The murder of Elizabeth Short, known as the “Black Dahlia,” is one of American history’s most brutal and mysterious killings.
On Jan. 15, 1947, Short was found dead, brutally mutilated, in a residential neighborhood outside of Los Angeles. The case made nationwide news, due to the horrific, graphic nature of the crime.
Short’s corpse was severed at the waist, and her intestines had been removed, folded up, and tucked under her lower torso. Pieces of her skin had been removed, there were ligature marks on her wrists and ankles, and her body had been entirely drained of blood. Her corpse had been wiped down with gasoline before being dumped.
The most horrifying part, however, was the lacerations on her face. The killer had sliced each side of her face, from the corners of her mouth to her ears, creating a Joker-like smile.
A week after her body was found, Los Angeles Examiner editor James Richardson received a call from a person claiming to be the murderer, who said he would be sending “souvenirs” of Short in the mail.
Four days later, a postal worker found an envelope addressed to the Examiner. Inside were Short’s birth certificate, business cards, photographs, a list of names, and an address book.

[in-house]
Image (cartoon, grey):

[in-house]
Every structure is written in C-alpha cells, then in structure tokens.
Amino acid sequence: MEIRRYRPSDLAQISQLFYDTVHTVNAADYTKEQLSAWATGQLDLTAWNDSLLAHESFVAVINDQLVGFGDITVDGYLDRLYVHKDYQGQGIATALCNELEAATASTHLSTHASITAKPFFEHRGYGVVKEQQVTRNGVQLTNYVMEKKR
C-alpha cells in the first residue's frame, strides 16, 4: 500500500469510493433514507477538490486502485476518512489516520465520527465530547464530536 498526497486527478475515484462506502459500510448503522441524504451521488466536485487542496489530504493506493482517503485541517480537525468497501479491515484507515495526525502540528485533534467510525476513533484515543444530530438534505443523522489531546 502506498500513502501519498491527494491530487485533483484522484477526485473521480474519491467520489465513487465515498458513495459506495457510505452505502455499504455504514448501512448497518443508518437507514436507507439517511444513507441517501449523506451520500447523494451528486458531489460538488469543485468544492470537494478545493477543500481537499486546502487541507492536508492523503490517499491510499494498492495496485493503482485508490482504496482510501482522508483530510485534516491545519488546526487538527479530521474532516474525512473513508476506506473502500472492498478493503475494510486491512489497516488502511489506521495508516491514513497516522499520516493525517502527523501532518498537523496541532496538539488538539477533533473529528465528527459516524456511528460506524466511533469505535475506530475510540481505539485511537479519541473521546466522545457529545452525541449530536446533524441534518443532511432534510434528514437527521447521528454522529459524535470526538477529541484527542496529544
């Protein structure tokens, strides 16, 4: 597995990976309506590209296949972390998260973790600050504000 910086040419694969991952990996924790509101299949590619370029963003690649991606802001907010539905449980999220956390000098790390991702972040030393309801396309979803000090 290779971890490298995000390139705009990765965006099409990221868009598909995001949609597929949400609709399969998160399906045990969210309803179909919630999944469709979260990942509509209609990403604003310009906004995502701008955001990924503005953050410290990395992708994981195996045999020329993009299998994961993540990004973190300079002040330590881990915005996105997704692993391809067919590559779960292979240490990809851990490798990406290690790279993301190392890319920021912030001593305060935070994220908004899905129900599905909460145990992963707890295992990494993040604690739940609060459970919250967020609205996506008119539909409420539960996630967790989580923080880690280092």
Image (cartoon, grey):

The media branded Short as a sexual deviant, claiming that she would trick men into giving her room and board, gifts and money in return for sex, and then not deliver on her promises.
Police searched hundreds of locations throughout Los Angeles for clues, heard over 60 confessions for the murder, and interviewed over 12 suspects, but ultimately never arrested anyone.
Most people assumed that the Black Dahlia murder was a date gone wrong, or that she had run into a sinister fellow late at night while walking alone.
For 70 years, the Black Dahlia murder case remained open. Cold, but open.
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